When the cold hits, it’s nice to be able to switch on our heaters and snuggle up inside. However, nothing really kills the cozying up indoors more than a nasty and moldy smell. Yuck! You’re probably left wondering what that smell is, and how to get rid of it.
What Is Dirty Sock Syndrome?
Dirty sock syndrome has nothing to do with your laundry, and everything to do with your air conditioner. It’s simply named that because of the foul smell of dirty socks that your AC can create.
What Causes Dirty Sock Syndrome?
Your HVAC system is a breeding ground for bacteria. This bacteria grows and collects on the HVAC coils, and for the most part, will go unnoticed until the first cold snap. Once the temperature drops below 40 degrees Fahrenheit, heat pump systems go into defrost mode. This means that the coils are now cold and damp, causing the smell to erupt. Suddenly, this “dirty sock” smell engulfs the home, leaving homeowners confused, and their homes smelling like a middle school boy’s locker room. Gross.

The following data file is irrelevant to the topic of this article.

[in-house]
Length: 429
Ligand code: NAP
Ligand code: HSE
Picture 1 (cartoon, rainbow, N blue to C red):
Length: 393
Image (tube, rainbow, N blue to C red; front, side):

How Do I Get Rid Of Dirty Sock Syndrome?
If your heat pump has left your home smelling a little ripe, the best thing you can do is have your HVAC system thoroughly and professionally cleaned. A professional HVAC technician will use a non-acid cleaner to clean the coils and remove all bacteria from your system. They may also decide to place a coat of antibacterial protectant to prevent future build up.
In some cases, this cleaning will not work. In this happens, you might want to consider replacing the coils with bacteria resistant tin-plated coils. This is the best option if your home suffers from chronic dirty sock syndrome.
How to Prevent Dirty Sock Syndrome
In addition to installing tin-plated coils, there are other add-ons to your HVAC that may eliminate the foul bacteria smell.
Adding UV lights to your AC system kills and prevents bacterial growth in your system. UV lights fight mold, allergens and harmful bacteria that could be found in your HVAC unit.
The best way to protect your home from dirty sock syndrome is to perform a fall annual maintenance check-up. Before you heat up for the winter, a professional HVAC technician should visually inspect and clean your entire unit.